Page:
4:11pm

Tue May 29, 2012
Music Interviews

Why 'Edelweiss' Makes Audra McDonald Think Of Home

Originally published on Tue June 5, 2012 2:32 pm

Audra McDonald is nominated for a Tony Award for her performance in The Gershwins' Porgy and Bess. She tells All Things Considered about the song that started her on her theater journey.
Michael Wilson

4:03pm

Tue May 29, 2012
It's All Politics

Even After Texas Primary, Romney Will Remain The 'Presumptive' Nominee

Originally published on Tue May 29, 2012 4:32 pm

Mitt Romney campaigns Tuesday in Craig, Colo.
Justin Sullivan Getty Images

At the moment the polls close in Texas Tuesday evening, most media outlets and very likely even the Mitt Romney campaign will declare that he has secured enough delegates to win the Republican nomination for president.

For what it's worth, there are two problems with that statement. First, as a practical matter, Romney actually won the Republican nomination when the other candidates competing for delegates in the primaries and caucuses stopped doing so. That was weeks ago.

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3:47pm

Tue May 29, 2012
-Nature of Things

An Interview with Richard A. Noise About His Sanctuary

John Weeks talks with Richard Noise about his sanctuary. Noise bought the property in 1926 and continued developing the gardens, trails and cottage for many years.

3:37pm

Tue May 29, 2012
Asia

China, Philippines Face Off Over Remote Islands

Originally published on Tue May 29, 2012 8:45 pm

For the past two months, the Philippines and China have been locked in a standoff over territory in the South China Sea that both countries claim.The Philippine navy accused Chinese boats of fishing illegally in the area. Protesters in the Philippines are shown here marching in Manila earlier this month.
Pat Roque AP

Back in early April, a Philippine navy frigate tried to arrest Chinese fishermen accused of poaching sharks and giant clams.

But more is at stake than a boatload of seafood.

Neighboring countries say confrontations like this are growing as China asserts claims to territory well beyond its coastline. And analysts think China is testing America's resolve in the region.

Philippine officials say China still has more than 30 boats in the contested area, which is widely known as Scarborough Shoal, though the Chinese call it Huangyan Island.

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3:34pm

Tue May 29, 2012
The Two-Way

A 'Macabre' Process: Nominating Terrorists To Nation's 'Kill List'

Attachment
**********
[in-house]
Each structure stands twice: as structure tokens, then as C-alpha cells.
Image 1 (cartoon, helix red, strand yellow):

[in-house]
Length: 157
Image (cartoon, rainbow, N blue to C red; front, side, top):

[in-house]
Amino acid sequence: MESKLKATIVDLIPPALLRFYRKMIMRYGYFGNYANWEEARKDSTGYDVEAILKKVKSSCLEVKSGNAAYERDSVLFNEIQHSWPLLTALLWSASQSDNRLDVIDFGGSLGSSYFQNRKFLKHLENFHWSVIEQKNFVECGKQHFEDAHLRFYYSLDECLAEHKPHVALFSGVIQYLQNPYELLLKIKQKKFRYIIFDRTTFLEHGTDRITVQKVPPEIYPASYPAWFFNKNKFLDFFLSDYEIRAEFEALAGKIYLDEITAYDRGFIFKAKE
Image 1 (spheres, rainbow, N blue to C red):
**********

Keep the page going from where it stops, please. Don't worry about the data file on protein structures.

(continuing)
Originally published on Tue May 29, 2012 8:45 pm

President Obama and John Brennan, his top counterterrorism adviser, in the Oval Office on Jan. 4, 2010. Brennan is a key voice about who gets put on the "kill list."
Pete Souza White House

One of the day's most-discussed stories has to be The New York Times' report headlined "Secret 'Kill List' Proves A Test Of Obama's Principles And Will."

It's a long, detailed look at how the president has "placed himself at the helm of a top secret 'nominations' process to designate terrorists for kill or capture, of which the capture part has become largely theoretical."

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3:34pm

Tue May 29, 2012
The Two-Way

Bob Dylan, Toni Morrison Among Those To Be Honored With Medal Of Freedom

Originally published on Tue May 29, 2012 4:26 pm

President Obama presents the Presidential Medal of Freedom to author Toni Morrisson during a ceremony in the East Room of the White House in Washington.
Mandel Ngan AFP/Getty Images

Saying that each one of the recipients has touched countless lives, President Obama presented 13 Presidential Medals of Freedom during a ceremony in the East Room of the White House today.

All of the people on the stage, Obama said, "are my heroes individually." He said that if it were not for John Doar, the Justice Department official who personally escorted University of Mississippi's first black student to campus, he would not be president.

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3:08pm

Tue May 29, 2012
The Two-Way

Manhattanhenge: The Sun, The City And A Special Rendezvous

At sunset tonight Manhattan's grid will match up perfectly with the sun, producing a dazzling, golden display on each one of the city's streets.

It happens twice a year and it's been termed "Manhattanhenge," coined by Neil DeGrasse Tyson, the director of the Hayden Planetarium at the Museum of Natural History.

NPR's Margo Adler sent this report for our Newscast unit:

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2:44pm

Tue May 29, 2012
-Nature of Things

The Vernal Apple Tree

John Weeks explains his affection for the apple tree. Weeks discusses the trees' natural beauty, their relationship with songbirds and how they must be treasured and maintained.

2:39pm

Tue May 29, 2012
NPR Story

'How Soldiers Die': A History Of Combat Deaths

Originally published on Wed May 30, 2012 1:29 pm

A U.S. Army honor guard stands at attention during a ceremony to mark Memorial Day, this week at Arlington National Cemetery.
Mandel Ngan AFP/Getty Images

In The Last Full Measure: How Soldiers Die In Battle, Michael Stephenson describes how soldiers fight and die, how those who have lived deal with the experience of combat, and what it reveals about warfare and human nature.

He acknowledges it's a sensitive subject, but he argues it's an important one. Understanding how soldiers die, Stephenson tells NPR's Neal Conan, "is central to an understanding of what combat is. And I think we have to engage with it."

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2:06pm

Tue May 29, 2012
Middle East

Journalist Interviews, Films 'Al Qaeda In Yemen'

Originally published on Tue May 29, 2012 4:23 pm

Transcript

NEAL CONAN, HOST:

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